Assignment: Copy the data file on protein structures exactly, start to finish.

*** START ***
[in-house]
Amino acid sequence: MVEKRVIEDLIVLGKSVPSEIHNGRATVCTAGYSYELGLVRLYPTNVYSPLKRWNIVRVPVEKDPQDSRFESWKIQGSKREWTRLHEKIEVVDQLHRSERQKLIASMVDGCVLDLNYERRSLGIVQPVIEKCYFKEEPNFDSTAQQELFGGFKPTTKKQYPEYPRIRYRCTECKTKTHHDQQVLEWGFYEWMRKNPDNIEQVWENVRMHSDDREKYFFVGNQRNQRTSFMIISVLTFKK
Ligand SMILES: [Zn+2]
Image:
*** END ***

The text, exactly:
[in-house]
Amino acid sequence: MVEKRVIEDLIVLGKSVPSEIHNGRATVCTAGYSYELGLVRLYPTNVYSPLKRWNIVRVPVEKDPQDSRFESWKIQGSKREWTRLHEKIEVVDQLHRSERQKLIASMVDGCVLDLNYERRSLGIVQPVIEKCYFKEEPNFDSTAQQELFGGFKPTTKKQYPEYPRIRYRCTECKTKTHHDQQVLEWGFYEWMRKNPDNIEQVWENVRMHSDDREKYFFVGNQRNQRTSFMIISVLTFKK
Ligand SMILES: [Zn+2]
Image: